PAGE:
Police were initially uncertain about the connection between the four missing young men. They've since learned Patrick and DiNardo were friends on Facebook, and apparently attended the same high school together a year apart in grade. A friend of DiNardo's claimed:
I’ll tell you that he was normal up until last year. He was in a quad accident and hit his head and was stranded for a day or so with a brain bleed. He had frontal lobe damage.
Police claim DiNardo has exhibited violent tendencies in the past. He was arrested after the bodies were found and held on $5 million bail. Shortly thereafter, he confessed to "committing or participating" in all four murders:
In return for DiNardo's confession, the prosecution agreed not to pursue the death penalty. DiNardo also claims he had an accomplice; police have already arrested another suspect in connection with the murders. Though DiNardo has of yet given no motive for his actions, police have confirmed each murder was connected to drug transactions gone awry. It's possible none of the four men encountered each other before being killed.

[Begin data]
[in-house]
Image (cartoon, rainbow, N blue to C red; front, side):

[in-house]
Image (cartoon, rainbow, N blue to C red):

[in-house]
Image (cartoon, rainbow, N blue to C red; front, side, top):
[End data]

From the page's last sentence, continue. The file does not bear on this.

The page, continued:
DiNardo had previously been committed to a mental health facility, and thus, according to Pennsylvania state law, is not legally allowed to own a gun. He was arrested in February for possession of a shotgun, but was released in late May due to improperly filed paperwork. The paperwork had to be corrected and resubmitted, but by the time this was done the search for the four missing men had already begun.
H/T - Uproxx, Philly.com